Reserve Bank of New Zealand, Financial Stability Report, November 2011 produced a graph that shows that the private insurance industry picked up only 5% of the costs of damage as a result of the 2010-2012 earthquakes. “The reinsurers …generally have strong financial ratings and the ability to absorb the elevated level of global reinsurance claims from a series of recent natural disasters around the world…” (See

The reality is that the Christchurch events have not had a massive impact on reinsurance business. In fact according to Aon Benfield in the Reinsurance Market Outlook June and July 2012 Update ,”Reinsurance capacity, measured by capital, returned to its previous record high of UAD470 billion by the end of Q1 2012 -back to 2010 peak level. Lower than average global catastrophe losses through Q1 and increased premiums at January 1 renewals assisted reinsurers in increasing capital. Low catastrophe loss activity in Q2 is expected to result in further increases of capital for half year 2012 results and capacity for global regions renewing at June and July 2012 remained stable.”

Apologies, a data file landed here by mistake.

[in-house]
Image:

The report goes on to say that the New Zealand insurance market has responded very strongly with underwriting changes post-event. “Primary premiums have increased significantly, with fire premium rates increasing approximately 20 per cent for small commercial risks and 40 per cent for large commercial risks. Natural peril premiums have increased approximately 100 percent for small commercial risks and in the order of 150 percent to 200 percent for some large commercial risks. These rates do vary based on geography and perceived natural peril risk. For homeowners’ policies, private insurer premiums have risen between 25 percent to 50 percent from February and the EQC premium rate has increased threefold [to 15 cents per $100.00 insured]. Combined with these price increases, insurers have implemented significant changes in cover, including increased deductibles and sub-limiting some coverages.” (See I predict that New Zealand will see a continual increase of premiums from here on in.

So is Government  ensuring that New Zealand policyholders have the best protection available? With the introduction of the Insurance (Prudential Supervision) Act, the Reserve Bank said that its analysis showed that about four insurers went into runoff or liquidation resulting from the new regime. (See